Andreas Karl (Andrew Carl) Schrauger was born about 1656. His last name has also been spelled as Schrager and Schraeger in various documents. He and his family were among the first wave of Palatine Mennonites to leave for Pennsylvania.
Andrew married Barbara Hendricks about 1680 in Germany. Andrew and Barbara had two children: Elizabeth and Catharina.
There were several Mennonite households in the first party of 852 Palatine migrants who arrived from Rotterdam and were enumerated at St. Catharine’s Parish in London, England, on 6 May 1709. The names of the heads of these households, as written in that document, were Henry Kolb, Gerhard Clemens, Jacob Volweider, Arnold Kolb (single), Jacob Wismar, Andrew Hubscher, Andrew Schrager, Mark Oberholtzer, George Adam Hoherluth, John Bien (single), Anna Eschelmann, and Christina Bauer (single).
In a letter that Pennsylvania founder and proprietor William Penn wrote from London on 26 June 1709 to James Logan, his agent in Philadelphia, he wrote: "Herewith come the Palatines, whom use with tenderness and love, and fix them so that they may send over an agreeable character; for they are a sober people, divers Mennonites – and will neither swear not fight. See that Guy has used them well."
The Schraugers were among the eight families whose transport to America had been partially financed by the Quaker community in London. Mr. Guy, to whom Penn refers, was the master of the ship on which these Palatine Mennonites were transported to Pennsylvania. Penn’s letter accompanied these settlers, and was to be delivered to Logan upon the arrival of the ship in Philadelphia. When the passengers disembarked they did not remain in Philadelphia, however, but "located at Skippack", thirty miles northwest of Philadelphia. Penn’s wish that these travelers be treated well and be settled in a good location, "so that they may send over an agreeable character," would seem to mean that he hoped that they would send back to Europe an "agreeable" description of Pennsylvania. This would then provide Penn with more settlers like them.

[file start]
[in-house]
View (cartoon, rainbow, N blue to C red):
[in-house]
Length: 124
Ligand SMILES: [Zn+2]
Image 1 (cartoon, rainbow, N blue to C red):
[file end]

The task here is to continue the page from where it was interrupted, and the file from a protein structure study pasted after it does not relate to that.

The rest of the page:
On the boat lists, Andrew Schrager was listed as a farmer age 53 with two daughters, aged 23 and 20. Michael Ziegler, age 25, a Lutheran, was also with them. Michael Ziegler was engaged to Catharine Schrager, Andrew Schrager's eldest daughter (Click here to read about the Zieglers).
Before the year 1713, settlers had begun to occupy the country along the Skippack Creek, then known as Bebber's Township or tract. It then began to be believed that it was necessary to have a central public highway leading to the northwest that would answer better than the crooked, winding paths through the woods and in places over almost impassable swamps. Accordingly, a petition was drawn up and presented to the Court of Quarter Sessions, held in Philadelphia, 2 June 1713. Andrew was one of thirty signers of the petition.
The road was surveyed in August, confirmed the following March by the court, and the supervisors directed to have it speedily opened. It was the earliest highway opened in the Skippack and Perkiomen region and known as the Skippack Road (modern day route 73). It was used several times upon very important occasions during the American Revolution by George Washington and his army.